The Beyond 2011 Programme was formally established
in April 2011 to consider the alternatives to running a census
in 2021. The ONS says: "Close collaboration is in place with
the devolved administrations in Scotland and Northern Ireland
to ensure that the obligation to produce consistent UK statistics
is met". Beyond
2011 will report its findings in 2014.
7. We decided to undertake a short inquiry to examine
the potential impact of the ending of the census on social science
research; we anticipate that our recommendations will feed into
the ONS Beyond 2011 consultation. We announced our inquiry
on 9 November 2011 and issued a call for evidence based on the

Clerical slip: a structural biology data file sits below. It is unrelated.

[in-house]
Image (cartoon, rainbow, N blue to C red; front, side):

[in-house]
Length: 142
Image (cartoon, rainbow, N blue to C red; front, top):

following terms of reference:
· How do social scientists use Census data?
· What impact will the ending of the Census
have on social science research?
· What alternatives to the Census would
provide population and socio-demographic data of equivalent or
· What other existing sources of population
and socio-demographic data could be improved upon?
8. We received 41 submissions in response to our
call. We also held three evidence sessions during which we took
oral evidence from four panels of witnesses:
i. On 7 December 2011 we took evidence from:
Professor David Blane, Deputy Director, ESRC International Centre
for Life Course Studies, Professor Heather Joshi, President, Society
for Lifecourse and Longitudinal Studies, and Professor Leslie
Mayhew, City University.